It’s hard to imagine an easier week to summarize than the one bookended by Trumpcare and President Trump’s first budget. Winners: those who really don’t need any additional assistance. Losers: Those who really do.
In fact, the only surprising thing about the week that was is the way GOP leaders – from Budget Director Mick Mulvaney, to Speaker of the House Paul Ryan, to the president himself – unrepentantly owned their actions. It’s been kind of shockingly refreshing – like seeing Professor X dropping F-bombs in “Logan,” to hear politicians confirm that they are who we thought they were.
Since these guys do such a great job explaining their own wealth redistribution plans and death panels, and since there are so many more pols taking the L than usual, let’s get right to the raison d’être:
Eugene DePasquale: The state’s auditor general is being sued by an anti-choice organization being investigated by his office. Real Alternatives, which receives money from the state, argues that DePasquale’s audit of the group is outside his bailiwick. As Winston Churchill put it so aptly, “You have enemies? Good. That means you've stood up for something, sometime in your life.”
Rich Negrín: It was a big week for this Democratic candidate for Philly DA. In addition to winning the endorsements of the FOP, the Guardian Civic League and the Spanish American Law Enforcement Association, Negrín drew pole position on the ballot – which could be a deciding factor in a race with seven candidates.
Michael Nutter: Considering how vociferous he was in denouncing City Controller Alan Butkovitz and his report claiming that Nutter lieutenant Desiree Petekin-Bell treated the Mayor’s Fund like “a personal slush fund,” Nutter has been remarkably silent over a brutal Inquirer exclusive exposing his refusal to heed his own Inspector General’s recommendation to fire then-City Representative Melanie Johnson on suspicion of misspending tens of thousands of dollars of city funds – including $248 on chocolate-covered pretzels(!) for a Johnson family funeral. Other than a terse emailed statement that conceded Johnson’s spending sprees were “unnecessary, and reflected poor judgment,” the man who long portrayed himself as the most ethical official in the city had nothing else to say.
Richard Ireland: As his pay-to-play trial continued in US District Court, the Chester County businessman’s recorded conversations with then-state treasurer Rob McCord continued to build the case against him.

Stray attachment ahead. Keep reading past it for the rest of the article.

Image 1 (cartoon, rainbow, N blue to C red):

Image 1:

Clarena Tolson: What would you do to set an example if you were hired to replace someone who left in disgrace over, among other things, patronage charges? If you’re Tolson, who was brought in to clean up the Philadelphia Parking Authority after the long-burning and long-ignored dumpster fire of Vince Fenerty’s reign, you hire your daughter’s roommate to a post that seems to have been created especially for her. Not the best look for a reformer, but what do we know?
Daryl Metcalfe: A public service message from the Republican PA House member from Butler County: No need to worry about the “illegal alien invasion” of the commonwealth, because he and his GOP comrades in the House have got your back. How? By reintroducing a slew of bills, most of which have previously been rejected by the Legislature, designed to target everything from “benefit transfer devices” like ACCESS cards to revoking the licenses of businesses that don’t use the e-Verify system to economic sanctions of sanctuary campuses.
Seth Grove: You would think that with the panoply of ills facing not just the state in general, but his own district of York County in particular, that the Republican Rep. would have better things to focus on than the Philadelphia Beverage Tax.
And you would be wrong. Using Independent Fiscal Office data that shows the city’s tax is likely not having a negative impact on state sales tax revenue, Grove is arguing that the tax is driving shoppers out of the city and out of the state for their purchases, thus hurting revenue. An interesting argument to make, considering the tolls, gas and time that would be required to avoid a tax that has already shown concrete benefits to the city’s coffers and expanded pre-K.